Linked by Eugenia Loli on Wed 8th Dec 2004 20:48 UTC, submitted by Nicholas
Editorial I just spent the last several days reading the lengthy essay "Ying and Yang of Security" which explores the origins of security on the personal computer and explains why the current models are outdated. It seems to argue that security systems designed to keep the system safe are relics of the days of mainframes when the system was more important than the user, but for a personal computer the user is more important than the system.
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by Joshua Brindle on Thu 9th Dec 2004 15:11 UTC

The underlying premise of this article is that filesystem permissions (and other security mechanisms that are inconvenient to the user) are outdated and not worthwhile in modern computing. This is dead wrong, not only are permissions entirely desirable (how many people share computers with others) but more access control (eg., Mandatory access) is necessary.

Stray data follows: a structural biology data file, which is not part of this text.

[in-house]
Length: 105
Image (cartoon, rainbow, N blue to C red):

In a current Linux system (or just about any other OS you are running on a personal computer) the applications you run (for the most part) assume the same rights as you, and therefore can do anything you'd do (with any of your data).

A good essay rebuting this idea is The Inevitability of Failure available at